The ultimate crisis
After Abraham Lincoln won a contentious election, the country he was to lead dissolved before his eyes
This essay is adapted from “The worst first year,” part of the Miller Center's First Year Project.
Abraham Lincoln experienced a unique initial year in the presidency. No other incoming president has faced a comparable challenge to the stability of the country. Because of the special circumstances in 1861, no president should be compared to Lincoln. Yet there are parallels between his first year as president and our current political situation.
Then, as now, there is a widespread unwillingness to engage in anything approximating bipartisanship, with people all along the political spectrum expecting the worst from their opponents, routinely accusing them of lying, and predicting dire consequences should the election go badly. Finally, the two eras underscore the need to bring different voices to bear on major national problems—in Lincoln’s case, reaching out to Democrats and filling his cabinet with leading figures who held divergent opinions about such issues as emancipation but could be trusted to cooperate in the overriding task of saving the Union.
When Lincoln delivered his first inaugural address on March 4, 1861, seven states had left the Union and established the Confederacy.
Lincoln’s actions illuminate the importance of dealing with the most critical issue or problem and the difficulty of forging policy in the face of opponents loath to trust presidential motives or statements.
When Lincoln delivered his first inaugural address on March 4, 1861, seven states had left the Union and established the Confederacy. The future of eight other slaveholding states remained uncertain, a dangerous situation at Fort Sumter in Charleston harbor simmered, and political divisions within the loyal populace remained deep. Lincoln and members of his party often worked in concert, but sometimes their differences over how best to define the war’s goals, especially pertaining to emancipation, placed them at odds. A large Democratic opposition criticized the president’s use of executive power to suppress the rebellion and distrusted his disavowal of any intention to strike at slavery where it existed under the protection of the Constitution.
The key to understanding Lincoln’s first year is his unwavering focus on restoring the Union.
The key to understanding Lincoln’s first year is his unwavering focus on restoring the Union. Pursuit of this goal raised a number of questions. Could Lincoln prevent more states from seceding? Could he unite Republicans and Democrats, including residents of loyal slaveholding states, in a military effort to bring the Deep South back into the national fold? Could he negotiate a course relating to emancipation that would satisfy both the radical and more conservative wings of the Republican Party, while at the same time not alienating Democrats and residents of the Border States? And would success in all these arenas result in a restored Union?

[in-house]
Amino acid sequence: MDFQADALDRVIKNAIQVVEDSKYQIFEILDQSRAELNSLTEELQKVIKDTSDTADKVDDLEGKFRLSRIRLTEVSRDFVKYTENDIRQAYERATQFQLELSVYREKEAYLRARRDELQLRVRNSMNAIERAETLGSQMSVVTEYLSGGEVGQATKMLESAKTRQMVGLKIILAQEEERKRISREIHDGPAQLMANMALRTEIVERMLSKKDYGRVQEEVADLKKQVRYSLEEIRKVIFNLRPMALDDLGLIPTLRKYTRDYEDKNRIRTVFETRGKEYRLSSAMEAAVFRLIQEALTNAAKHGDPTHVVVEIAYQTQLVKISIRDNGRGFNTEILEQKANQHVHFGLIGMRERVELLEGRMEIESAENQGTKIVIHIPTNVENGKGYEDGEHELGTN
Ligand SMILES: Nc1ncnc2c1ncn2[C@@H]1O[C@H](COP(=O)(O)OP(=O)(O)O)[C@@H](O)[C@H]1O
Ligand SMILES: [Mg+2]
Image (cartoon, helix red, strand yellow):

Although the 19th-Century meaning of Union has disappeared from our national historical memory, Lincoln knew most of his fellow citizens cherished what they considered an exceptional government bequeathed by the founders—a democratic republic that featured a popular voice in political decisions and the chance to rise economically. Alone among the nations of the western world, the United States—the Union—offered an almost universal white male franchise and allowed singular social and economic mobility. The new president, himself an example of how common men could rise in the American Union, identified what most people considered the twin pillars of American exceptionalism. What lay at stake in the war, he explained in December 1861, were “the first principle of popular government—the rights of the people” and protection of a system that blocked “any such thing as a free man being fixed for life in the condition of a hired laborer.”
Alone among the nations of the western world, the United States—the Union—offered an almost universal white male franchise and allowed singular social and economic mobility.
Lincoln’s First Inaugural Address underscored the centrality of Union. It targeted different groups with varied appeals to their allegiance to the republic. “The Union of these States is perpetual,” the president insisted, much older than the Constitution and made more perfect by the work of the Philadelphia convention of 1787. “Plainly the central idea of secession is the essence of anarchy,” Lincoln proclaimed, a violation of the sovereignty of a free people in a nation dependent upon acquiescence in majority rule. As a former Whig who remembered when that party had robust northern and southern wings, Lincoln mistakenly believed large numbers of white southerners possessed strong unionist sentiment. He reached out to this supposed pro-Union constituency, as well as to northern Democrats, promising he had “no purpose, directly or indirectly, to interfere with the institution of slavery in the States where it exists” and affirming as well that he would uphold constitutional provisions regarding fugitive slaves—parts of his address that left abolitionists and some radicals within his own party deeply unhappy. He also sought to reassure northern unionists with a pledge “to hold, occupy, and possess the property and places belonging to the Government and to collect the duties and imposts.”